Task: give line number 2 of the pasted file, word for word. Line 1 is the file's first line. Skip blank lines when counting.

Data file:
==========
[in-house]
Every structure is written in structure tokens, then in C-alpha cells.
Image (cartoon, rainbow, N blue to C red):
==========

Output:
Every structure is written in structure tokens, then in C-alpha cells.